In a message dated 9/27/2010 7:17:42 AM Pacific Daylight Time,
> 1. No one is accountable, nor does anyone feel responsible, for the
> accuracy of Wikipedia articles, since they are unsigned and have no
> official authors. >>
The authors can be viewed in the history. They are accountable to the
extent of introducing spam, nonsense, and graffitti. They are not accountable
for example, by using a source which is quite silly or ignorant. Those sort
of additions merely get eventually removed. And by eventually, I've found
silliness of this quality that has persisted for over a year.
> 2. There is virtually no incentive to work on them.
> a. Doing so is extremely time-consuming. People who write traditional
> encyclopedia articles also expend a lot of time. However, they are
> typically repaid in one or more of three ways: with money, with
> recognition or prestige, and with the chance to gently support what
> they see as the right view of the subject. However:
> b. One is paid nothing to write or edit Wikipedia articles.
> c. One gets no recognition or prestige, since the articles are unsigned.
> d. One gets no chance to forward what one sees as the correct views,
> because of the NPOV policy.
> e. Finally, one can't even link to one's own relevant papers on the
> subject, since there seems to be an unofficial policy to automatically
> delete such links. So the deal is: spend hour upon hour doing web
> editing, and you can be sure of getting nothing in return. >>
Oh the "right" view. How Victorian. Can we not say that view which is
"supported by the evidence" ? The "right" view sounds so Ivory Towerish to me.
Authors do get recognition, just not in the same way.
The "Neutral Point of View" is not to support the "correct view" (shudder)
but rather to support that view which *you* as the self-proclaimed or
university-proclaimed expert can.... get ready, get set.... SUPPORT. That's the
very point. If you cannot support your view with evidence, than you are not
an expert. Rip up your degree. Or else maybe, you are just not a teacher.
That Wikipedia, is forcing some so-called experts to re-evaluate their base
knowledge is a good thing, not a bad one. If we can shake the very
foundations of the university system, than good. I'm very willing to see the
entire ediface crumble to the ground under our ceaseless onslaught. Viva la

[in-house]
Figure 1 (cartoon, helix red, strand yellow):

And why would a person want to link to their "own relevant papers" anyway?
Are we here to act as your promoter and publicist? No we are not. If your
colleages cite YOUR papers, than good. You will get your recognition. If
they do not, then guess what? Now, go away.
> 3. Genuine experts in a subject are usually people who have other
> demands on their time--often professors, for example, who could spend
> their time working with their own students or doing research in their
> field that they'll get credit for. So just thinking of these factors a
> priori, it seems unlikely that many experts would contribute to
> Wikipedia. >>
And yet they do, go figure. Some experts contribute, once they learn the
rules here. Some do not, once they learn the rules here.
And the problem is? The same problem which has exited since 10,000 BC.
Some people are gentle collaborators, others are wild bulls.
> 4. It's true that if someone sees an error in an article they can fix
> it. But it's also true that others can introduce new errors. And the
> people most likely to see errors and not introduce new ones, are the
> experts who seem to have no incentive to contribute. --owl23211:58, 3
> January 2006 (UTC) >>
I am a self-proclaimed expert in genealogy. I contribute mainly when I see
smallish errors of commission or omission or undue weight that I can fix
within a minute or so. Sometimes these gives me incentive to write more-full
articles on the same or similar topics elsewhere.
The main benefit of the project to my current work, is to find connections
and sources that I can review directly.
Personally I think that the vast majority of articles which a
person-on-the-street might assume would be in a printed encyclopedia are already in ours.
What we have left is a lot of margin where scribbled notes might be better
as more-full articles. If anyone has the time and inclination.
I certainly would not want to see any relaxation of our standards in order
to entice experts. Quite the opposite. I'd like to see tightening of the
standards so as to prevent silly comments from filtering into articles like
"Her great-great-great-great-grandfather was the Earl of March".... pointless
Probably the method of flagged revisions should prevent that.
If I understood well, Americans don't have such bad feelings toward
the word "bureaucracy" and its derivatives. In Europe it is different.
When I tell to Gerard that he is better bureaucrat than me, he feels
offended; although I thought about specific virtues, not defects; and
although I've defined myself a number of times as a Wikimedia
That difference lays probably in 300 years of different developments
of societies. Franz Kafka wasn't living in 18th century, but in 20th.
Horrors of bureaucracies wasn't so obvious in 18th century because it
is hard to say that any kind of sensible bureaucracy existed then.
Arbitrariness of feudatories and rulers was much bigger problem. And
at least in the case of bureaucracy, Americans had much more luck.
As you could see I am usually use the "American" meaning of the word
"bureaucracy" and its derivatives. Complex societies can't exist
without more or less good bureaucracies. Unlike many of my friends, I
appreciate good formal bureaucracy. This is the minimum and it is much
better to deal with formal bureaucracy than with informal relations.
As a user of [social] institutions you can count on formal
bureaucracy, while it is not possible with informal relations.
However, to be effective, bureaucracy has to be managed. This is
particularly true for very complex bureaucracies, and Wikimedia is
already a very complex bureaucracy. And it (bureaucracy) is not
The main problem with not well managed bureaucracies are not well
defined responsibilities. In other words, it is not possible to say
that one person or one group is responsible for some malfunctioning.
It is the product of the right decisions at the lower level of
complexity, which creates malfunctioning at the higher level of
That means that I am not blaming anyone particularly, but that we have
increasing number of the problems of that type; which means that all